“Half of the cloud computing is controlled by three companies, the other, by hundreds of thousands”

Gigas is a Spanish multinational of storage and information technology trading on the MABDiego Cabezudo, CEO at Gigas

Gigas is a Spanish multinational which trades on the MAB. It has offices in Spain, the US, Colombia, Chile, Peru, Panama and Mexico, and data centres in Madrid, Miami and Santiago de Chile. They provide storage and information technology. The company’s market capitalisation is 19 million euros. This year their revenues will be up 35% and profits by 126%, without taking into account any possible corporate deals. The company’s CEO Diego Cabezudo has talked with The Corner.

Q: What are your plans for this year?

A: The most I can tell you is that our strategy is to accelerate growth, complementing organic with non-organic growth. We have spent the last year analysing a lot of companies. Our sector is very atomised, with half of the market in the hands of two or three firms in the world, while the other half is controlled by hundreds of thousands of companies…in Spain’s case we can be talking of a thousand. We have called an AGM for today April 23 and we are going to seek approval for a bond issue. We are doing it with Inveready, which was one of the core shareholders in Masmovil, the MAB’s big success story which was built on acquisitions.

Q: And do you believe a cross over to the Continous Market, like Masmovil, will be a natural move?

A: People think the MAB is a secondary market, but it’s an alternative one, for companies which are expanding. In the Continuous Market, there’s hardly any company which is doing this in the explosive sense. We are predicting a 35% rise in sales this year, 172% in EBITDA and this without any acquisition. If the forecasts for the other acquisition are met, the numbers will be higher.

Q: The President of the AEMAB confessed to us just recently that the MAB is not functioning, that it’s at a standstill. That’s not your case, but…

A: I wouldn’t say it’s not working, but yes there are a lot of things which need to be worked on. There is still not a lot of volume, there are more or less 40 companies in the expansion segment. The socimis segment is growing a lot more, but it’s true that the segment for companies in expansion is moving slower than Bolsas y Mercados or myself expected. We need more companies, a critical mass, then there would be an ecosystem of investors who focus on these firms and buy shares, investment funds…because there is practically no fund manager investing in the MAB. And there are fund managers of small caps and micro caps. We need to work towards having funds specifically for the MAB, or for microcaps, which take companies from the Continous Market, from the MAB, from other European markets…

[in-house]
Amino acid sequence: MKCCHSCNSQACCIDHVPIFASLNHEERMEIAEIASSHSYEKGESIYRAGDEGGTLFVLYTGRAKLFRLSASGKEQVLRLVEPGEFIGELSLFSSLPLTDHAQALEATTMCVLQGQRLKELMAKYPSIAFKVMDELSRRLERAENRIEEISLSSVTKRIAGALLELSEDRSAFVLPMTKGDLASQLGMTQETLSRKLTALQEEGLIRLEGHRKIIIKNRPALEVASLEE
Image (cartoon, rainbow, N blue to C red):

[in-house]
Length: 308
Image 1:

Q: How would that need to be organised?

A: I think the best thing would be to set it up within the BME, for us issuers to put money in and for there to be some analysis. Start to close off this market circle. If we had a much bigger market, this would definitely happen on its own, and as there would be funds investing etc, there would be research houses following the fund. But as this is not the case, we need to do certain things to push it forward. And one of these is also related to the tax system. We need to provide incentives. There are some, but they are distributed by autonomous regions, which doesn’t make a lot of sense. It’s also complicated and discriminating. When we made our stock market debut, if an investor from Madrid invested in our company, 20% of this could be deducted from his personal tax declaration. But an investor from Asturias cannot deduct anything. That really does not make a lot of sense. And if instead of being a company from the municipality of Madrid we were from Asturias, no-one would have made any deduction. This is where I think the government should take matters into its own hands.




About the Author

Ana Fuentes
Columnist for El País and a contributor to SER (Sociedad Española de Radiodifusión), was the first editor-in-chief of The Corner. Currently based in Madrid, she has been a correspondent in New York, Beijing and Paris for several international media outlets such as Prisa Radio, Radio Netherlands or CNN en español. Ana holds a degree in Journalism from the Complutense University in Madrid and the Sorbonne University in Paris, and a Master's in Journalism from Spanish newspaper El País.